Indeed. You know, minority rule: when the candidate with less popular support and less votes gets to be president. That wasn’t what the Framers were after.

At any rate, the more interesting part of the column is the portion which gives a partial origin story of the phrase “a republic, not a democracy”:

Nicole Hemmer, a historian of American politics and the author of “Messengers of the Right: Conservative Media and the Transformation of American Politics,” traces it to the 1930s and 40s. “When Franklin Roosevelt made defending democracy a core component of his argument for preparing for, and then intervening in, the war in Europe, opponents of U.S. intervention began to push back by arguing that the U.S. was not, in fact, a democracy,” she wrote in an email.

One Roosevelt opponent, for example — Boake Carter, a newspaper columnist who supported the America First Committee (which opposed American entry into World War II) — wrote a column in October 1940 called “A Republic Not a Democracy,” in which he strongly rebuked the president for using the word “democracy” to describe the country. “The United States was never a democracy, isn’t a democracy, and I hope it will never be a democracy,” Carter wrote.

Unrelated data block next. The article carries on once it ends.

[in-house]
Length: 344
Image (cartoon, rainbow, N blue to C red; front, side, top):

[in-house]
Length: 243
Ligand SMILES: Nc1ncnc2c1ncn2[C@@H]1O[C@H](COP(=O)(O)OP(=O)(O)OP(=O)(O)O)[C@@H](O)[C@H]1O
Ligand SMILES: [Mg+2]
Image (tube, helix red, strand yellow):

The term went from conservative complaint to right-wing slogan in the 1960s, when Robert Welch, the founder of the John Birch Society, used it in a September 1961 speech, “Republics and Democracies.” In a democracy, Welch protested, “there is a centralization of governmental power in a simple majority. And that, visibly, is the system of government which the enemies of our republic are seeking to impose on us today.”
“This is a Republic, not a Democracy,” Welch said in conclusion, “Let’s keep it that way!”

These origins are important. If there’s substance behind “We’re a republic, not a democracy,” it’s not as a description of American government. There’s really no difference, in the present, between a “republic” and a “democracy”: Both connote systems of representation in which sovereignty and authority derive from the public at large.